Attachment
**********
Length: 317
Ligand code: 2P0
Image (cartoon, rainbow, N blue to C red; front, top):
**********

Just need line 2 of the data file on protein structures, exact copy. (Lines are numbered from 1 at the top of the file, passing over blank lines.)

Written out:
Ligand code: 2P0